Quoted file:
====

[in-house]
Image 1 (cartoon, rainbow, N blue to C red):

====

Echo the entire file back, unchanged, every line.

[in-house]
Image 1 (cartoon, rainbow, N blue to C red):